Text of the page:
It was the first set Serena had dropped in the tournament and another stream of errors gave Watson two breaks for a scarcely believable 3-0 lead in the final set.

    Crucially, Serena stopped the bleeding with a break in a marathon 10-minute fourth game and she broke again to level at 3-3.

    Remarkably, Williams stumbled again at 4-4 as Watson battled her way to another break. But Serena refused to surrender and she broke back at the fourth attempt when Watson served for the match.

    That set the stage for a sensational finale as Watson staved off two match points at 6-5 before Serena finally completed her great escape.

Army probe exposes intelligence unit's dirty tricks

A high-level army probe has exposed the dirty tricks of a secret military intelligence unit, which gained notoriety during former army chief General VK Singh's tenure, and recommended immediate disbanding of the unit.

The investigation, conducted by director general of military operations Lt Gen Vinod Bhatia, revealed that the technical services division (TSD) - the innocuous name for the unit - overstepped its mandate and diverted funds to compromise Gen Bikram Singh's chances of taking over as VK Singh's successor.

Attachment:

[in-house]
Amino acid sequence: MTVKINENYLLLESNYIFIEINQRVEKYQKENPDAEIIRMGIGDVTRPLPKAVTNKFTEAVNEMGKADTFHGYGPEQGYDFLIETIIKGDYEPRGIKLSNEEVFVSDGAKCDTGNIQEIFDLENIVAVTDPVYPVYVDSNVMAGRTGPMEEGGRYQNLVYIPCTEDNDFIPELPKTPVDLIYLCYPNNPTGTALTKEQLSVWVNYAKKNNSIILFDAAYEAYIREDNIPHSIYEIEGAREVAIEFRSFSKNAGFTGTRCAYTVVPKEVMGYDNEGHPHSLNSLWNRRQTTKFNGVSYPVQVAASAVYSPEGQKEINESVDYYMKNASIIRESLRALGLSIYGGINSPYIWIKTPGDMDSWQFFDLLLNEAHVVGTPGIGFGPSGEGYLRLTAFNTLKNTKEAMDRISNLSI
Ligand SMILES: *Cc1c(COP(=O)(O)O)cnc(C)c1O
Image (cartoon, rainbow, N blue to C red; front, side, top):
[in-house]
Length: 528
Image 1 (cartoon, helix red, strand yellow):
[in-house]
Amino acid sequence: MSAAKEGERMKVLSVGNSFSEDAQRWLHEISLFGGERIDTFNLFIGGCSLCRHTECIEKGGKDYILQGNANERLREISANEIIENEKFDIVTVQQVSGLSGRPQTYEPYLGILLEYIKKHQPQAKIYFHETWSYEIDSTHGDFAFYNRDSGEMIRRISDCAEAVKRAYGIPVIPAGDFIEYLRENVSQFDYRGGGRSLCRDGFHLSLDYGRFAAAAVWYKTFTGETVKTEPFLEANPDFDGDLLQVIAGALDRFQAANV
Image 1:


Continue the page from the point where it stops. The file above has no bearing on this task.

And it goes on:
Although VK Singh could not be reached, his lawyer, Vishwajeet Singh, said the former chief had not directed the TSD to carry out any campaign against Gen Bikram Singh.

But sources said the board of officers, headed by Gen Bhatia, found that the TSD had diverted the army's secret funds to get a public interest litigation filed against Gen Bikram Singh over an alleged fake encounter in Kashmir in 2001.

The PIL was filed last year by a little known NGO when Gen VK Singh's age row was at its peak. Gen Bikram Singh was then a brigadier in the Kashmir Valley.

As first reported by HT on August 23, 2012, Gen Bikram Singh constituted the board of officers during that month to probe the TSD's mandate, tasks executed by it and scrutinise its financial records. The TSD, which reported to VK Singh, had a budget of Rs. 18 crore.

At a time when a false propaganda was on that Gen Bikram Singh's daughter-in-law was of Pakistani origin, TSD officials splurged tax payers' money to visit Dubai - where the current army chief's son and daughter-in-law reside - in attempts to establish the link that never existed, the probe found.

VK Singh's lawyer, Vishwajeet Singh, said, "TSD personnel may have visited several countries, but it was never in connection with the current chief."

The unit had also faced allegations of listening in on mobile conversations of politicians and bureaucrats when VK Singh had locked horns with the government over the age issue.

VK Singh, who retired on May 31, 2012, claimed he was born in 1951, contrary to official records that showed him a year older.